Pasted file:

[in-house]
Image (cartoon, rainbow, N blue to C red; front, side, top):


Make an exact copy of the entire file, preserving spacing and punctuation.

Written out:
[in-house]
Image (cartoon, rainbow, N blue to C red; front, side, top):